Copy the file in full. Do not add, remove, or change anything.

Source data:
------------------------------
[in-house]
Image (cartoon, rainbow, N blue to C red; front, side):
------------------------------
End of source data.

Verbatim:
[in-house]
Image (cartoon, rainbow, N blue to C red; front, side):